Manufacturers who previously focused on producing big geostationary satellites have successfully broadened their product lines to attract new customers.
At the Satellite 2023 conference, Cyrus Dhalla, the senior vice president and general manager of Northrop Grumman Tactical Space Systems Division, stated that the satellite industry has transformed entirely instead of being on the brink of change. The era of ordering 20 geostationary communication satellites yearly has gone. Claude Rousseau, the moderator of the panel and NSR research director, said that nowadays, there are around 10 to 14 annual orders.
Thus, satellite manufacturers have shifted to offer small and medium-size satellites to both commercial and government clients. Furthermore, many nations now demand their independent space capability, and as a result, satellite companies have extended their services to government clients. Jonathan Caldwell, the Lockheed Martin military space vice president and general manager, made this observation.
Radically Reduced Price
According to Jonathan Caldwell, Lockheed Martin now produces more small satellites than large ones. He also mentioned that the commonality factor is crucial in small satellite manufacturers.
Caldwell also pointed out that Terran Orbital, a Florida-based company that won a $2.4 billion contract to provide satellites for Rivada Space Networks, is among the firms that Lockheed Martin is supporting. Caldwell expressed confidence in Terran Orbital’s capacity to manufacture 300 Rivada satellites quickly and efficiently, saying that they would deliver on the contract.
Caldwell also stated that Terran Orbital’s ability to expand its small satellite manufacturers capabilities would enable Lockheed Martin to provide customers with satellites at a “radically reduced price point.”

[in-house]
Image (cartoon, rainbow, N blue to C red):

Jean-Marc Nasr, the executive vice president of space systems at Airbus Defence and Space, mentioned that small satellites are proving to be profitable for Airbus because of standardization, even though larger satellites are more expensive.
Airbus is selling its Arrow 450, which is produced by Airbus OneWeb Satellites, to various customers, including Northrop Grumman. Nasr forecasts potential sales of 500 to 1,000 units in the next five years. Building large satellites for specific customer requirements is more hazardous than mass-producing small satellites, Nasr said.
He advises companies to master their supply chain and continuously scrutinize their make-or-buy decisions. If other firms can produce parts or components more efficiently, it’s best to enter into long-term agreements with them to keep costs in line, according to Nasr.
GEO Remains Important
Thales Alenia Space supplies small satellites through its partnership with BlackSky, with a market driven by both telecommunications and Earth observation, according to Hervé Derrey, the CEO of Thales Alenia Space.
Despite the growth in small satellite demand, Derrey emphasized the continuing importance of large geostationary satellites. He also mentioned that specific telecommunication missions would be challenging and expensive to accomplish with satellites in low or medium-Earth orbit.
More Smallsat Orders
U.S. government customers have clearly expressed their desire to rely less on large satellites.
“They’re going to continue buying some capabilities in GEO,” Dhalla said. “We are seeing orders for much smaller satellites.”
Even satellites once considered mid-size, like Northrop Grumman’s GEOStar platform, looked big to a recent factory visitor.
“Time has really changed hasn’t it, when you look at something that was considered small five to 10 years ago” and someone comments on how big it is, Dhalla said.
In the face of myriad market opportunities, Maxar Technologies will “leverage the commercial go-fast mentality” to meet customer demands for speedy satellite manufacturing, said Chris Johnson, Maxar Space senior vice president and general manager.
In terms of software-defined satellites, Maxar is taking a different approach from some of its competitors.
“There’s another place that we can go to add value to a certain portion of the market, just like we had value proposition in the GEO market before,” Johnson said. “We are going to leverage a different price point.”